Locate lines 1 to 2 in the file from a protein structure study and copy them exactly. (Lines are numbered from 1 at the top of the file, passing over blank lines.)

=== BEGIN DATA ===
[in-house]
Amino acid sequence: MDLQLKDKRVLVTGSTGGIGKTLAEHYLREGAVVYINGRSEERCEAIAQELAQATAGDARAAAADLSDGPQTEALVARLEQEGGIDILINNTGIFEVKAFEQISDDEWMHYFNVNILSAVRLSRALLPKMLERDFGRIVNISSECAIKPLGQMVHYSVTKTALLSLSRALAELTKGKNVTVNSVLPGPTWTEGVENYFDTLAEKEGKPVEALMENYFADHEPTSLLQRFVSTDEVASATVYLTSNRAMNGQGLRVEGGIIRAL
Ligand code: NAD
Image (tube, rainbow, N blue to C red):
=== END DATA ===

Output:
[in-house]
Amino acid sequence: MDLQLKDKRVLVTGSTGGIGKTLAEHYLREGAVVYINGRSEERCEAIAQELAQATAGDARAAAADLSDGPQTEALVARLEQEGGIDILINNTGIFEVKAFEQISDDEWMHYFNVNILSAVRLSRALLPKMLERDFGRIVNISSECAIKPLGQMVHYSVTKTALLSLSRALAELTKGKNVTVNSVLPGPTWTEGVENYFDTLAEKEGKPVEALMENYFADHEPTSLLQRFVSTDEVASATVYLTSNRAMNGQGLRVEGGIIRAL